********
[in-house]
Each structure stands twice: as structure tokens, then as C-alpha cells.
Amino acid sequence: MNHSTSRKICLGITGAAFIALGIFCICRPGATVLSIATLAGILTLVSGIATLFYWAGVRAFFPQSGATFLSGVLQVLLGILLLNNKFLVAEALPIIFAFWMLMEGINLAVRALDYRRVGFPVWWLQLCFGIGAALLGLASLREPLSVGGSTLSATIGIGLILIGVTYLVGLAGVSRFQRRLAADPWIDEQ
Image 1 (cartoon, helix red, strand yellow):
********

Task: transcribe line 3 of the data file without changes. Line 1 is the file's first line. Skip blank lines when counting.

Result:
Amino acid sequence: MNHSTSRKICLGITGAAFIALGIFCICRPGATVLSIATLAGILTLVSGIATLFYWAGVRAFFPQSGATFLSGVLQVLLGILLLNNKFLVAEALPIIFAFWMLMEGINLAVRALDYRRVGFPVWWLQLCFGIGAALLGLASLREPLSVGGSTLSATIGIGLILIGVTYLVGLAGVSRFQRRLAADPWIDEQ